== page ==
Despite the increased popularity of digital and blended learning, some corporate training still benefits from being delivered through face-to-face classroom sessions. Comprehensive research into skills training by the CIPD last year revealed that 13% of respondents undertook instructor-led off-the-job training over the past 12 months, with 88% finding it useful. Although this is fewer than those participating in online training (30%) or inhouse development programmes (23%), the satisfaction score is higher than inhouse (79%) and is on a par with online (89%).
Learning to lead
Some learning is better delivered in a digital format – for example compliance or IT training – but not everything can be delivered well remotely.
Ivan Moss, Director of MBA and Executive Education at the University Auckland[i], believes there are limits to what can be learnt online,”There are things that are un-Google able. Experience, failure, managing people and managing risk that leaves you quaking on the inside – those are un-Google able”. In a classroom, peers benefit from sharing their experience of management and leadership, and they learn from each other; while it is possible to undertake group work online it is rarely as effective.
The CIPD survey revealed some fascinating insights about what skills employees think they most need in the modern workplace. It’s interesting to note the top 3 most important skills (more than the basics of numeracy, literacy and IT) are planning and organisation, problem solving and communication.
These sorts of skillsare simply easier to assimilate in the classroom, where students can practise more nuanced skills and benefit from group work and feedback.
BiteSize training is delivered face-to-face in small effective doses
‘Bite-size’ refers to micro learning, breaking up content into small segments, and has increasingly been associated with on-demand digital courses.
For more than a decade BiteSize Learning has applied this concept to face-to-face learning, to deliver short, high-impact training when it most suits employers and their workplaces.
Leaders today are having to operate in more complex, uncertain situations. They need adaptable, current training that their staff can dip into, and which equips them with practical skills that they can use immediately.
BiteSize’s approach allows companies to build programmes of flexible training, selecting from over 40 courses deliverable in 1.5 or 2-hour sessions, or 60-minute lunchtime sessions.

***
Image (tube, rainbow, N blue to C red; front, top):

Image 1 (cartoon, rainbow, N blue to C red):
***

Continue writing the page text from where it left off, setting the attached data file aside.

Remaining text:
“Short courses are an ideal solution to our business needs when addressing targeted knowledge gaps as it provides our staff with development opportunities which can be delivered quickly and flexibly, with limited disruption to the business whilst also providing our staff with a practical and effective learning outcome.”BiteSize Learning client Daiwa Capital Markets.
Learning in the age of distraction
While digital learning can be easily fitted around other tasks, there is the risk that learners become distracted as a result. Evidence from neuroscience suggests that multi-tasking drains energy reserves faster. “Switching comes with a biological cost that ends up making us feel more tired much more quickly than if we sustain attention on one thing,” says Daniel Levitin, Professor of Behavioural Neuroscience at McGill University[ii]. Furthermore, once interrupted, it takes an average of 23 minutes and 15 seconds to get back to the task, according to research conducted by Gloria Mark at the University of California Irvine[iii].
So whilst there is no doubt that digital learning opens up accessibility, it may not always be cost effective. Classroom courses are specifically designed for the classroom – whereas digital courses are often adapted from classroom content, not always successfully so. According to US research[iv], students in community colleges who opted to take online courses had poorer outcomes in terms of completing, passing and obtaining high grades than peers taking classroom courses.
Time to unleash your team’s capabilities, quickly
Returning to the CIPD research, we were struck overall by the huge skills mismatch in today’s workplace. Nearly half of the 3,700 respondents believe their skills are poorly matched to their jobs, with 37% feeling over-skilled and 12% under-skilled.
Good management is about using the shared pool of time and skills available to best effect; so these findings beg the question: do managers understand their teams’ capabilities? Of course, the other side of this could be that employees don’t feel able to talk to their managers about other skills they could be utilising. If people are feeling passive in their roles, then this is not healthy for employees or business. That’s where short sharp bursts of training can really help shift the conversation on, and lead to swift, positive action.
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[ii] Daniel. J. LevitinThe Organized Mind: Thinking Strange in the Age of Information Overload 2014
[iii] (9) Gloria Mark, Daniela Gudith and Ulrich Klocke The cost of interrupted work: more speed more stress
[iv] Cassandra M.D. Hart, Elizabeth Friedmann, and Michael Hill University of California, Davis, Online Course-taking and Student Outcomes in California Community Colleges, March 2016